Other than a facility and program specifically tailored for the impaired such as the Lord Nelson, which includes not only the space arrangements, the teaching materials and more staff, and properly trained staff, the experience will have to be negotiated on a case by case basis. That is to say, since the percentage of mobile impaired persons participating on sail training vessels not specifically built to the purpose is small, the proposed participant should bear the responsibility of contacting the ship in question in order to allow for preparation time in accommodating his, her, or their needs. The expectation that a majority of the working vessels must be ‘on the ready’ at all times to receive and cater to the needs of the rare mobility impaired participant is unreasonable. On the other hand, the expectation that the operators of a given vessel will make the extra effort to afford access to those mobility impaired individuals who desire to participate in the seagoing experience is quite reasonable and, in my experience many are willing and able to rise to the task of solving the challenges of facilitating that portion of the disabled community which express the desire to partake of the sailing experience, but in their own way. That is to say, in the manner that best suites the characteristics of their particular vessel, and not all vessel of the same size, or even same ‘design’ will find the same solutions viable. In fact, some vessels will be out right unsuitable to meet the demands of the challenge.
Navigating through a given vessel safely and more fully participate in the program offered, as well as facilitate self preserving response to the general alarm, when and if sounded, most readily takes the form of more able bodied chaperones, or more hired hands aboard the ship. Due to economics, more crew will ultimately mean hire participation costs, which either manifests as a more exclusivity ( but based now on ‘class’, rather than physical limitation ), or in lost income due to the loss of passenger space, greater operating costs, and diminished sales.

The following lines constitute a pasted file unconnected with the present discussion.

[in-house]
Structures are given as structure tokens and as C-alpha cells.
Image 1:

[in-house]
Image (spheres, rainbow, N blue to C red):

Perhaps we, as the community about to be regulated even further, should be allowed provision to require of those individuals, or groups, who have some variety of special need, to supply themselves with the additional aid their special circumstance requires of them. This, combined with each vessel’s self generated, custom tailored solution to the matter of accessibility will, I emphatically believe, result in the best functional compromise toward the goal of inclusion of the mobility impaired on T-Boats engaged in sail training/education on the water, preservation of vessel safety, and economic survival of many of the vessels to be effected by this act.
I was only made aware of the application of the ADA to sailing vessels a couple of days ago. Oddly enough this topic has not been a subject of discourse in the sail training community, that I have been privy to. So, I extend my apologies for the last minute timing and finish of this essay.
I am available for further discussion and questions with regards to the topic at hand, and can be reached most readily via the following mobile number: [phone] (not limited to regular business hours). As well, my contact address is listed above.
Thank you for the opportunity to contribute my comments on this matter,
Captain Micah David Faust Allnutt